Yes, Logan is the cinematic equivalent of staring into the abyss for two and a half hours as Mangold comes to terms with the lives that Logan has taken and mirrors his violence and savagery in the young girl Laura. Laura’s big introduction is when she takes out a group of Reavers, who have attacked Logan and Xavier’s compound. Most of the action takes place off camera and is signified by her walking out carrying a man’s head before a whip quick pan shows her launching an attack on the remaining Reavers. Unlike Hit-Girl in Kick-Ass, this and countless other instances of violence involving Laura aren’t played for dark humor, but for tragedy.

One thing that I particularly enjoyed about Logan compared to a lot of superhero films was that it gave its characters a chance to breathe, emote, and interact instead of rushing through the equivalent of trailers for other films or using big gestures like kisses or near death experiences to “develop” characters. So, its best sequence isn’t an epic desert/barb wire fence car chase that is even cooler than the one in Batman Begins, but Xavier, Laura, and Logan sharing a family meal with the Munsons, a family that they helped out on their way to Eden. Xavier confesses to X-24 (Who he thinks is Logan) that this is the best night he’s had in a while and a vision of what a normal family life is like before he is brutally gutted by a man, who he thought was his friend. There have been scenes where Xavier is trying to acclimate Laura to because this is an incredibly depressing film.

Instead of bringing back Sabretooth, William Stryker, or another villain from the Wolverine comics, Mangold has Logan fight himself (Or technically his soulless clone) in the film. Evil clones are kind of a gimmick, but through the sheer brutality of the combat and Jackman’s unhinged performance as X-24, their fights come across as a world-weary man trying to exorcise demons, murder the savage part of himself, and find some peace before he dies. Logan truly goes through some Passion of the Christ worthy physical torment, and Mangold and the visual effects don’t hold back from showing his gaping wounds as he struggles to drive the last few miles to Eden, and medical experts say he’s dying. To draw a connection to the Hebrew Bible, Logan, like Moses, could see the Promised Land, but he can’t live in it.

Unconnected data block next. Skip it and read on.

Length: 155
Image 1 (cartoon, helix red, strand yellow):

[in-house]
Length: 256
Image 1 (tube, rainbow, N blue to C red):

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Other than the incredibly sad funeral sequence where one of the kids holds a Wolverine action figure and Laura turns the wooden cross on his grave sideways to make an “X”, the scene where Laura pushes a semi-comatose Logan to the side and drives both of them to Eden is real moment where Logan comes to terms with its finality. It parallels a scene early in X-Men where Logan is the one driving a young mutant named Rogue to safety except now the young mutant, Laura, has his life in her hands. It’s a really passing of the baton moment, and Laura even becomes the badass loner with the dark past of the group of new mutants brooding off to the side while her new friends eat by the camp fire. This is very much like Wolverine’s role in the first X-Men movie.

Logan is dead, and the Wolverine with him as he passes the torch of hope and heroism despite great odds and a messed up past to Laura and the young mutants of Eden. And along the way James Mangold redeems the adamantium bullet that made everyone snicker in X-Men Origins: Wolverine. Early, in the film, it’s the symbol of Logan’s suicidal ideation when Laura finds out that he carries it an and a single shot revolver to kill himself when the time comes. However, Laura ends up using the bullet to kill X-24 defeating the murderous animal inside Wolverine and only leaving the noble, flawed man Logan to die a mortal death from his wounds. Mangold, Jackman, and Keen create something beautiful from the carcass of a terrible film and let Logan find a small measure of redemption before he passes away.

And this is why Logan is such a fantastic film. It has real life and death stakes and not in the Iron Man passes out for five seconds after going into space before being okay way. James Mangold, Scott Frank, and Michael Green aren’t afraid to grapple with the pain of taking a life and the bitter tang of morality, and it does it all in the thrilling, poetic skin of a Western cyborg film. It’s the sad, savage, and soulful superhero film that I’ve been waiting for.